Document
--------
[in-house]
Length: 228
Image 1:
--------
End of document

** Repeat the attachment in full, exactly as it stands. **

[in-house]
Length: 228
Image 1: